Ordinarily, any one of these risks would be enough to keep a politician away. But the Labour leadership is doing things differently. If the opinion polls are to be believed, they started the election campaign up to 25 points behind the Tories. There was never any point in being cautious. They have broken every political rule. When they outlined a strategy designed to mobilise young people, non-voters and marginalised groups, all the experts and pundits—and even top officials in the Labour Party—laughed. Yet the gap to the Tories has since halved. Labour is on the up.

Corbyn will do the gig.

“There’s someone special who’s come here to talk to you,” says Jon McClure, singer of Reverend and the Makers, interrupting his band’s set. “Please welcome Mr Jeremy Corbyn!”

The crowd erupts instantly. This is a good sign. There is even the sound of girls screaming. Unexpected.

“Look here,” says Corbyn after 30 seconds of applause, “we’ve got football and music all in the same place.” The crowd has not stopped cheering so Corbyn speaks in short bursts to make himself heard. He has simplified his message for the occasion: “I love football! And I love sport! And I want it for everybody! Those very wealthy clubs in the Premiership, pay your 5 per cent so we’ve got grassroots football for everybody!”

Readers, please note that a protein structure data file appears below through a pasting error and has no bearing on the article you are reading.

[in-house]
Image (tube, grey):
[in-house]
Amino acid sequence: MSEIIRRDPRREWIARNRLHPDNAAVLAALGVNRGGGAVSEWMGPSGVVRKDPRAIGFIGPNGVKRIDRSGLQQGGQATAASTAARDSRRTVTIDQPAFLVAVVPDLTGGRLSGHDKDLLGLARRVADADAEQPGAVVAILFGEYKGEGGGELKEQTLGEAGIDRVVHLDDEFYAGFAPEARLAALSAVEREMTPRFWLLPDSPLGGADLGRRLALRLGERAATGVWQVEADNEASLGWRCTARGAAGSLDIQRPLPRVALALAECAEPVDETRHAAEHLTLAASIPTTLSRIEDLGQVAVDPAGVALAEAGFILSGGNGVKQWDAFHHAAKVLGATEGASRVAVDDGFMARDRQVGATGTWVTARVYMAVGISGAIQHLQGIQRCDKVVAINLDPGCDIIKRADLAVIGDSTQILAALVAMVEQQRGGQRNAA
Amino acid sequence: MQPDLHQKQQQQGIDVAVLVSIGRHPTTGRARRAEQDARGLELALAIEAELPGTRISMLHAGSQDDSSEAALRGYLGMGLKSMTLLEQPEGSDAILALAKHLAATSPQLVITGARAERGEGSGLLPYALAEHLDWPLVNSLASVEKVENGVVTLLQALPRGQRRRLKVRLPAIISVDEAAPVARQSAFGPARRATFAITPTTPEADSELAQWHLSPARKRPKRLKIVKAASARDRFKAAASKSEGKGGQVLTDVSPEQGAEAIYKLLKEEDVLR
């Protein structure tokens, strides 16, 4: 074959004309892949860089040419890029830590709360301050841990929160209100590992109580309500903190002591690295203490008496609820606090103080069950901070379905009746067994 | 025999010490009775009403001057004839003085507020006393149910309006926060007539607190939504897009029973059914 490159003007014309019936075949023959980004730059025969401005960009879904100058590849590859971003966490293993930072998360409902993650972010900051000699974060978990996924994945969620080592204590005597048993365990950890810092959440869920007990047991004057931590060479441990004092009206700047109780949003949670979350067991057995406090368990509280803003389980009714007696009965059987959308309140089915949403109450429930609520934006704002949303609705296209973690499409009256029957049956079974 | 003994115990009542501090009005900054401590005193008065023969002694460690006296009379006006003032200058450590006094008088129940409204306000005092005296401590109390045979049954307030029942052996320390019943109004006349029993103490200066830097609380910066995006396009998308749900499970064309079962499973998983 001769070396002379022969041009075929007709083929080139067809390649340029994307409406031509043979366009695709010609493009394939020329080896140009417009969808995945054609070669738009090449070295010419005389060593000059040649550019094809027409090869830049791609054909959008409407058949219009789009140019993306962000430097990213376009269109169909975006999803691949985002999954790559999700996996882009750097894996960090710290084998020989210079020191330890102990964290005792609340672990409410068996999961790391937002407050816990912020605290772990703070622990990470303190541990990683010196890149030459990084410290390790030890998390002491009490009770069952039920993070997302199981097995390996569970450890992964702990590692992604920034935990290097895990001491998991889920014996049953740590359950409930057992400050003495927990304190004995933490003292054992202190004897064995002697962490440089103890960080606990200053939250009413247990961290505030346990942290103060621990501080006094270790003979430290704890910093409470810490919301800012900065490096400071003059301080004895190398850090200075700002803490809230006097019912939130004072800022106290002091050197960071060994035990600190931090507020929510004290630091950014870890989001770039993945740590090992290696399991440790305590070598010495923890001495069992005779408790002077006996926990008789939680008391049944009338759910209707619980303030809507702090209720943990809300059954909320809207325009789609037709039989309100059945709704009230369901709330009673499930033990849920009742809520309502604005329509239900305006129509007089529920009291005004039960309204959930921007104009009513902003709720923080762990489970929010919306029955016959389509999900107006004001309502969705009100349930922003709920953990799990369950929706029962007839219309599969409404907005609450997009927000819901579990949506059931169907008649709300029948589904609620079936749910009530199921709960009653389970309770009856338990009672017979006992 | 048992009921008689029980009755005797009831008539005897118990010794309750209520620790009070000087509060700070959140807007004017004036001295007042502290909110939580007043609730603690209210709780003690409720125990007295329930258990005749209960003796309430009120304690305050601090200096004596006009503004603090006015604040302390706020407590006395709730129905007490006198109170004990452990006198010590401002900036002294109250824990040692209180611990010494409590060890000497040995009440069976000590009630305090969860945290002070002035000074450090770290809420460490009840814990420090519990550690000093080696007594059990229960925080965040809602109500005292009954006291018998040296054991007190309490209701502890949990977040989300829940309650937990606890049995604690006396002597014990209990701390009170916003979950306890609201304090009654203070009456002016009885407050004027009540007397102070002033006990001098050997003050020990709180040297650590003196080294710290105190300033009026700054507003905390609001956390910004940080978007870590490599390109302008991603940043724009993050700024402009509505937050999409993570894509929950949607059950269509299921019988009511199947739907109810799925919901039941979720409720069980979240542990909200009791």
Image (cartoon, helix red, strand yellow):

The crowd likes it. Corbyn looks out on thousands of hands raised above heads, clapping. This is going well.

“And it’s also about young people and music,” he continues.

Some way back in the crowd on the right hand side a chant has started. It is just a few singing at first, but it spreads like wildfire. Soon it is audible from the stage.

Corbyn is still speaking. “In every child...”—he repeats himself, competing with the noise and glancing to the origin of the chant—“in every child there’s imagination and there’s hope, and tha...”

His speech stumbles. The chant is louder. The whole front section of the crowd has joined in.

“...and so what I want,” Corbyn persists, “is every school... every school... to have the money for every child to earn... learn... musical instruments.”

They are not listening to him. The chant is drowning him out. Corbyn stops speaking. It is difficult for him to tell from the stage what they are singing. He thinks they might be having a go at him. This could be a disaster. “I’m looking at these guys chanting,” Corbyn will later recall, “and I realise they’re smiling. So I paused and realised what they were chanting.”